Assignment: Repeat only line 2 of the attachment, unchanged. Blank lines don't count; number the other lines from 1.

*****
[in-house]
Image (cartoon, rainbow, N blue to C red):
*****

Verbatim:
Image (cartoon, rainbow, N blue to C red):